The democratization of technology has made a lot of new technologies available to companies, including companies involved in the coffee industry. Since my topic for this trip is sourcing, I will focus mainly on how technology can improve the production of coffee. The innovations in coffee may seem primitive, but they can have a large effect on the sustainability and quality of the product.
An example of a technology to improve the production of coffee is the technique of shade grown coffee. Shade grown coffee is a technique where coffee is grown under the forest canopy in a more natural state, alongside larger trees that provide shade for the coffee plants. This means that far less land needs to be cleared in order to grow coffee, making it much more sustainable for the rainforest. The forest environment of shade grown coffee provides a habitat for animals such as birds and monkeys. Another advantage of shade grown coffee, is that it prevents fungus, known as coffee rust, from growing on the coffee plants. Fungus is less likely to grow on shade grown coffee plants because the shade trees absorb a lot of the humidity in the air. This provides a worse environment for the fungus to grow in and it eliminates that need for the use of antifungal chemicals that harm the environment. Lastly, shade grown coffee reduces the amount of damage insects to do the coffee plants. The shade trees provide more targets for insects, as well as homes for the predators of insects, such as birds. Overall, this reduces the effects pests have on the coffee plants, reducing the need for harmful pesticides. In conclusion, shade grown coffee is a much more sustainable way to grow coffee as compared with typical cleared plantations.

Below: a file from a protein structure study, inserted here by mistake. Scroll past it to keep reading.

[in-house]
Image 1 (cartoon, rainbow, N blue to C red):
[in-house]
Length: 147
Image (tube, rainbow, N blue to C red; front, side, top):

Despite the advantages of using new technology or methods, sometimes the old fashion way produces the best end product, or is the most sustainable method. An example of this is sun drying coffee after the wet milling process. While technology exists, and is in use, to dry coffee in large bins under high heat, a significant amount of flavor is lost in this process. Companies use these heated bins in order to speed up the drying process. Sun drying is much slower, however a lot less of the oils and flavors are lost when the coffee is slowly heated under the sun. In addition, it requires no electricity or any materials required to create heat. Sun drying is an old technique, but the best way to dry coffee. Another example of when the old fashion way is the best way is the process of handpicking coffee. Hand picking can be slow and requires a lot of labor, but it allows pickers to select only the ripe coffee fruit, leaving unripe fruit to continue to ripen on the tree. Machine picking simply removes all of the fruits, meaning coffee producers are forced to either use or throw away the ripened or low quality fruits. Machine picking can also do more damage to the trees themselves. Overall, quality coffee should always be handpicked to ensure only ripe fruits are selected and far less is wasted. In my opinion, the coffee production processed has been refined so much over a long history that there is little room for technology to influence the process. Doing things slowly and by hand typically produces the best end product, which I feel is the most important thing. There is a lot of research and development into improving different coffee plants, but overall I do not think technology will impact the coffee production industry as much as it has to other industries.